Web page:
How Does eInk Work?

The  eInk (a.k.a. Electronic Ink ) in the Kindle eInk pearl creates electronic pages that look a lot like printed paper with dense black type on a pearly white background. The letters don’t look pixelated even under magnification.  How does eInk work? I researched and simplified the explanation into something easily understood.

Remember the classic toy the Etch A Sketch? To my mind, the Kindle with eInk is the Etch A Sketch of the 21st century. When you turn the Etch A Sketch knob a stylus scrapes aluminum powder off the screen which results in a gray line.  Turn it upside down and shake, the aluminum powder recoats the screen to erase the lines. eInk works with a similar concept, executed in a far more sophisticated electronic manner. Instead of aluminum powder, eInk used microcapsules,  instead of the stylus, electronic circuitry and electric fields are used.

To understand eInk, visualize a pool table with a racked set of clear, fluid-filled pool balls. The balls are racked on a circuit board instead of felt and covered with a sheet of glass. Each ball has black and white BBs inside. The black BBs have a negative charge and the white BBs a positive charge.  The circuitry selects and creates an electric field beneath each pool ball. The fields that are given a negative charge repel and push the black BBs to the top of the ball where they can be seen against the glass; the positive charged fields push up the white BBs. The illustration shows an oversimplified letter “A” created in this way. Areas filled with white BBs create the background or “paper.”  Areas filled with black BBs create the type. In an eReader, instead of pool balls, millions of microcapsules make up eInk. Each microcapsule, about the diameter of a human hair, is filled with clear fluid and white and black particles. The eReader display consists of the microcapsules and fluid sandwiched in one layer between a sheet of electronic circuitry and a clear plate of glass/plastic. The millions of microcapsules are individually controlled by corresponding circuits which create and select the charge of millions of individual electronic fields.  A click of the Kindle’s “Turn Page” button activates the pattern that results in a page of words on the screen.  Once the text appears on the screen no further power is needed until you turn the page again. That’s why those illustrations stay on the Kindle when the power is off. (And why the battery lasts so long.)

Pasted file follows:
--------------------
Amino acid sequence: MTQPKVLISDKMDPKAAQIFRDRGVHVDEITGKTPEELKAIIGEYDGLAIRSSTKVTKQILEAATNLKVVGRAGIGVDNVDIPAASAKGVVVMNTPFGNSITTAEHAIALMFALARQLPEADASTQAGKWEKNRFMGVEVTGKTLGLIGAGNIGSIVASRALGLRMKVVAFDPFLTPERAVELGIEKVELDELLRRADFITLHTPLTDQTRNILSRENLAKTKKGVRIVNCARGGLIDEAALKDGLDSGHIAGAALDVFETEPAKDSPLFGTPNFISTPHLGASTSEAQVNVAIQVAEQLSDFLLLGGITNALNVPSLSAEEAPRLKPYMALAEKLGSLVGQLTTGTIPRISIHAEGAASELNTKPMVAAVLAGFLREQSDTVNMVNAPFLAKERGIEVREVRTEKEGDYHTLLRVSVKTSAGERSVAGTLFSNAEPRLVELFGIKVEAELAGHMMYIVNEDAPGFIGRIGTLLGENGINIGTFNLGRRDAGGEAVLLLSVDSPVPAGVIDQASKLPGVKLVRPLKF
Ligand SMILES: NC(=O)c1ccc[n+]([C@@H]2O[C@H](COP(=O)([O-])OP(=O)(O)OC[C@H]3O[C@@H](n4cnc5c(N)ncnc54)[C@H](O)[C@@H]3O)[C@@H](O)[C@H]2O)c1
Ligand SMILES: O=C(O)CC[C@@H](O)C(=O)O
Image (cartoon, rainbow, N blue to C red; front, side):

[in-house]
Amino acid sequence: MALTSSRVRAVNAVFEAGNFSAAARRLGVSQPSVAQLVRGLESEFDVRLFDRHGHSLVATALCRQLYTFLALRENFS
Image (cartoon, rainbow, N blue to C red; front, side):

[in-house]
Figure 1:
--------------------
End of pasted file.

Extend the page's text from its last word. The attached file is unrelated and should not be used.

Of course, my explanation is highly oversimplified. More information about this technology can be found at